NAS Pensacola Killer Hosted Jihadi Snuff-Film Party, Praised bin Laden, Yet Pentagon Brass Balk at Calling It Terrorism
As evidence piles up that the NAS Pensacola mass killer is a radical Islamic jihadi, the Secretary of Defense says that it’s too early to declare the shootings an act of terrorism.
The AP reported Saturday that investigators have discovered the Saudi pilot, Mohammed Saeed Alshamrani, who came to NAS Pensacola for training, had hosted a movie night featuring jihadi snuff films in the days leading up to the shootings.
Secretary of Defense Mark Esper told those gathered at the Reagan National Defense Forum in Simi Valley, Calif., that he can’t say if the Saudi pilot shot up his classroom because he was a jihadi or a cold-blooded killer who managed to bring a gun on a secure naval air station teeming with thousands of American military members.
“I can’t say that it’s terrorism this time, I think we need to let the investigators – the FBI – do its work and get us the facts and we’ll move up from there,” Esper said.
Fox News host Bret Baier, who was conducting a Q & A with Esper, interjected that the killer “posted a will on Twitter praising Osama bin Laden, there have been multiple arrests…” but Esper brushed away the concerns saying,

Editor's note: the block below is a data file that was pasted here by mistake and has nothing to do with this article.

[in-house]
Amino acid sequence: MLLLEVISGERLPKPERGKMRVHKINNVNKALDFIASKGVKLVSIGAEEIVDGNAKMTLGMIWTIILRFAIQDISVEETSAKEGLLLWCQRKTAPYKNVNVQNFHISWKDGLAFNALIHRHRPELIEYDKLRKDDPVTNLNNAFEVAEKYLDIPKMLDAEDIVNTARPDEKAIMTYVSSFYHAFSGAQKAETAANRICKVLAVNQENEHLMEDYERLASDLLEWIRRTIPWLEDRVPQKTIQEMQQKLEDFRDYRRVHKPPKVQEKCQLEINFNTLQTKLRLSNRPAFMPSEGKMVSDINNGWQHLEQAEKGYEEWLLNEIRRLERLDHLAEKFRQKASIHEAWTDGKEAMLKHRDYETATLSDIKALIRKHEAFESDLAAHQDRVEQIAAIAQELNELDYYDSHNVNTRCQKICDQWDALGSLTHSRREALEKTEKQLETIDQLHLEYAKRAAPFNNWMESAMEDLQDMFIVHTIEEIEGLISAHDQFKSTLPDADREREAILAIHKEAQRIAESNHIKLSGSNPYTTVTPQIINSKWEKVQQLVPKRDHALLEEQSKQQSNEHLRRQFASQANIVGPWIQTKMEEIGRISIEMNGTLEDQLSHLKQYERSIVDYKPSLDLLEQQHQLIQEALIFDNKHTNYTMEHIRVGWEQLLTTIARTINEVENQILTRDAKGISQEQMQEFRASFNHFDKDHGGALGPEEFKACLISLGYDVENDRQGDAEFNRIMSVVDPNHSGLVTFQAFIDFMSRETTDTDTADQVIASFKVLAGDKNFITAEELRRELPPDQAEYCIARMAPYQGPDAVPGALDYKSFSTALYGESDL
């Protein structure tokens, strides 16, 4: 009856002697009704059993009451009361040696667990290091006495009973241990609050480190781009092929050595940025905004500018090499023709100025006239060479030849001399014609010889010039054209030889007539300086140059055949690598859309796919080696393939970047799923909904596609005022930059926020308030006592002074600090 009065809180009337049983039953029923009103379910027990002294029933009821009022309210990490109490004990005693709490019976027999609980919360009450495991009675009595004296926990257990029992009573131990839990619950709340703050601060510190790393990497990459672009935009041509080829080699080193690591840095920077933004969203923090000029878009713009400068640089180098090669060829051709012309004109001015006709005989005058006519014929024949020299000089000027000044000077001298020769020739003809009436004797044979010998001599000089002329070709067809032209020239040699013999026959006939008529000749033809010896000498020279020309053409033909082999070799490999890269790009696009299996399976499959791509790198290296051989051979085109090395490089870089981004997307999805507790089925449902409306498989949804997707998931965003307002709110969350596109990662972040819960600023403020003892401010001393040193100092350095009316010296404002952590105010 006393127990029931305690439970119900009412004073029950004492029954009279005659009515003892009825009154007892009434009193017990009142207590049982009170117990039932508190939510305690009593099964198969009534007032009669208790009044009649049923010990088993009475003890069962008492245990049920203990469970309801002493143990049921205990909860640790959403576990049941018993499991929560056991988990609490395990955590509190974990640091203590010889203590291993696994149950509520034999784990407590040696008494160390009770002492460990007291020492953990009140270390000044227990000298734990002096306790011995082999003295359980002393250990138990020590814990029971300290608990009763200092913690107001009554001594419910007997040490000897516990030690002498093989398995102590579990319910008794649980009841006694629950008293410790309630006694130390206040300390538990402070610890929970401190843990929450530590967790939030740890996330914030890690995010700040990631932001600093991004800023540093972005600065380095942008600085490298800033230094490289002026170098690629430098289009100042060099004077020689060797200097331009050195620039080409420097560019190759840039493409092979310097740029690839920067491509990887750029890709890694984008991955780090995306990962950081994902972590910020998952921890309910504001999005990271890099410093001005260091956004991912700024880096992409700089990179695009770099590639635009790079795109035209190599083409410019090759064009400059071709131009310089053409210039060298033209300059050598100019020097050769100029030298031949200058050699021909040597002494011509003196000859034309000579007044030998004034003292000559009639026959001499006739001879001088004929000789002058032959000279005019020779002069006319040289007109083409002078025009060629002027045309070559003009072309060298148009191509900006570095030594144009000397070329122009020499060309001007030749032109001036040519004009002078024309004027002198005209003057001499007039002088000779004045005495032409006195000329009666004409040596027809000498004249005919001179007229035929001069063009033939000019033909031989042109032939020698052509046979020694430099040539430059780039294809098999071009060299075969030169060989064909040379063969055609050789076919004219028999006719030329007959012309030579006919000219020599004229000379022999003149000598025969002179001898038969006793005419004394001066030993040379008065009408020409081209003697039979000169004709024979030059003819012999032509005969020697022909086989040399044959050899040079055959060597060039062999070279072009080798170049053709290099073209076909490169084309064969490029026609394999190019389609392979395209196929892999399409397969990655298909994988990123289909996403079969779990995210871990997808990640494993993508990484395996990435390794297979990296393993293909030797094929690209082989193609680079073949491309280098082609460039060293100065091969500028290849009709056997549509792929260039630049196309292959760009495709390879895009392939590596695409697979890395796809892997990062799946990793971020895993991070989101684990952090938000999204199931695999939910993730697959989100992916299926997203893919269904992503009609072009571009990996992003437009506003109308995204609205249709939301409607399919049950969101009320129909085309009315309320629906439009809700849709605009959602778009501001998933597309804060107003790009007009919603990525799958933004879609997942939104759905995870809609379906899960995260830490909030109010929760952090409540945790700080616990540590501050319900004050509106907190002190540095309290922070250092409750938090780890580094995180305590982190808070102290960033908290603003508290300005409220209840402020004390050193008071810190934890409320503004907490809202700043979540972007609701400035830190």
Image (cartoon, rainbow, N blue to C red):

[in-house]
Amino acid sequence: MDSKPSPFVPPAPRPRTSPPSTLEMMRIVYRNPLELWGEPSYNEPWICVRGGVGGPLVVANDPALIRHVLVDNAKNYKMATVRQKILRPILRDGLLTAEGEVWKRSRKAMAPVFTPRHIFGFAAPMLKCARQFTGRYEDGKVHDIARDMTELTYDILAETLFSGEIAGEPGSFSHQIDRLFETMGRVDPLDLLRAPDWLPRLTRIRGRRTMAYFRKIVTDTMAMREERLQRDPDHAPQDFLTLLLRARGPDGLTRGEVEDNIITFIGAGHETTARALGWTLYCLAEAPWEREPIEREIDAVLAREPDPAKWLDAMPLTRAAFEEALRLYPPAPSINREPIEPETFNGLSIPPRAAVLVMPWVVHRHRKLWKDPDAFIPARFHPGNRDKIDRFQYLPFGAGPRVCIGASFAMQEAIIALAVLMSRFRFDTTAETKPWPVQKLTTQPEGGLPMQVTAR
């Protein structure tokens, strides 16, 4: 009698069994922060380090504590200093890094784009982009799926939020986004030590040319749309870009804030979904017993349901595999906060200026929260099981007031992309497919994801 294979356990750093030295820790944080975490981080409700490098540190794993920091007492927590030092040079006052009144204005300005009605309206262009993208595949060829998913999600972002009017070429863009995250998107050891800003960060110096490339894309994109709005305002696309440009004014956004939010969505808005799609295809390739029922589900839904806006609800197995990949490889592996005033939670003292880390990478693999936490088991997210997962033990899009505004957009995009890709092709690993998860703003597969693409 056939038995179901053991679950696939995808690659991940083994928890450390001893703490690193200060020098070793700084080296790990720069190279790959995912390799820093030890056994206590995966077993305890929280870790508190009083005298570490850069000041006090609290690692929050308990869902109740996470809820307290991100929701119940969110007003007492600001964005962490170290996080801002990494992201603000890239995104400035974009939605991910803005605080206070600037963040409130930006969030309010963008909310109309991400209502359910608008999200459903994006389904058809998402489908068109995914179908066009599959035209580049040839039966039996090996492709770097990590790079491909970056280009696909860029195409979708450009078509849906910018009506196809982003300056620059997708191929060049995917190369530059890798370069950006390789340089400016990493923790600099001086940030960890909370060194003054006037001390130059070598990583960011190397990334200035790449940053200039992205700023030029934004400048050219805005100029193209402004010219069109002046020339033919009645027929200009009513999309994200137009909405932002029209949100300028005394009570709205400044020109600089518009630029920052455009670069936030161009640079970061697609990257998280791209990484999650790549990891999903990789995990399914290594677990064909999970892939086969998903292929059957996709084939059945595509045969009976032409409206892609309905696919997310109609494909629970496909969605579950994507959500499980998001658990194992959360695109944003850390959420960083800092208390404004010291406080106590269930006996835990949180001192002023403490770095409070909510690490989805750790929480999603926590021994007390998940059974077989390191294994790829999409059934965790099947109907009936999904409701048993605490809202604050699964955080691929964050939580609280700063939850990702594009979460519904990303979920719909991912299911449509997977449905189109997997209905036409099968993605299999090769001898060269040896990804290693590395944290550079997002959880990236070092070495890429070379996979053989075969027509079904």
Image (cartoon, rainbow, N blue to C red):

“It’s time to let the investigators do their work. And in the meantime, we have taken precautions," Esper said. "Yesterday, I directed that we look at our security precautions across our services at all our installations and bases and facilities to make sure that we’ve got the appropriate degree of security to protect our service members and their families and the communities, and that’s underway. And, at the same time, I also directed that we look at our vetting procedures within DOD for all the many foreign nationals that, for good reason, come to our country to train."
"Anybody who comes to the United States to train is, or should be vetted by the Department of State, Department of Homeland Security and ultimately us," he said "So, we need to relook at all that, but what we need to do is make sure we understand the whats and whys and hows of this and not jump to any conclusions.”
The Navy’s Chief of Naval Operations, Admiral Michael Gilday, who was also at the Defense Forum, also called for caution on declaring the killings an act of terrorism.
The New York Times points out that military installations still don’t allow people, even people whose jobs it is to wield guns to kill America’s enemies, to bring personal firearms to work.
In all, Alshamrani killed three people and wounded eight others, including the two sheriffs deputies who eventually shot him dead. The deputies are expected to survive.
Watch Esper's full remarks here:
(Video starts at 26:47)